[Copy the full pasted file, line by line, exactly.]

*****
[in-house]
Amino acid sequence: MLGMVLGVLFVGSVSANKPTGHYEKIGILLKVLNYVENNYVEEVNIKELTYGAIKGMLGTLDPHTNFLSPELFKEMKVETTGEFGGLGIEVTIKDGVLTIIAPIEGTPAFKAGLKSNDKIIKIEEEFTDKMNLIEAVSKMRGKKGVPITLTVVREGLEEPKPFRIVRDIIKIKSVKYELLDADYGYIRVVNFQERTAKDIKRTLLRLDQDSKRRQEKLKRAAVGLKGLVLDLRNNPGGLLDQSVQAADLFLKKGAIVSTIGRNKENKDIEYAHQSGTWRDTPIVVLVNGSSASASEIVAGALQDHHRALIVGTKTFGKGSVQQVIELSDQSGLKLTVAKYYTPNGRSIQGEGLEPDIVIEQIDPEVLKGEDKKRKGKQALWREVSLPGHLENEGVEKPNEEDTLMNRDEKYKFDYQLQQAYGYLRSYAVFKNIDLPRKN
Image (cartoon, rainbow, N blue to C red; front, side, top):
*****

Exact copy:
[in-house]
Amino acid sequence: MLGMVLGVLFVGSVSANKPTGHYEKIGILLKVLNYVENNYVEEVNIKELTYGAIKGMLGTLDPHTNFLSPELFKEMKVETTGEFGGLGIEVTIKDGVLTIIAPIEGTPAFKAGLKSNDKIIKIEEEFTDKMNLIEAVSKMRGKKGVPITLTVVREGLEEPKPFRIVRDIIKIKSVKYELLDADYGYIRVVNFQERTAKDIKRTLLRLDQDSKRRQEKLKRAAVGLKGLVLDLRNNPGGLLDQSVQAADLFLKKGAIVSTIGRNKENKDIEYAHQSGTWRDTPIVVLVNGSSASASEIVAGALQDHHRALIVGTKTFGKGSVQQVIELSDQSGLKLTVAKYYTPNGRSIQGEGLEPDIVIEQIDPEVLKGEDKKRKGKQALWREVSLPGHLENEGVEKPNEEDTLMNRDEKYKFDYQLQQAYGYLRSYAVFKNIDLPRKN
Image (cartoon, rainbow, N blue to C red; front, side, top):